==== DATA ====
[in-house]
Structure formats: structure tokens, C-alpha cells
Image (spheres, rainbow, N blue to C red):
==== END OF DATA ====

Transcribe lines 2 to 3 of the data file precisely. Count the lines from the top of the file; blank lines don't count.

Structure formats: structure tokens, C-alpha cells
Image (spheres, rainbow, N blue to C red):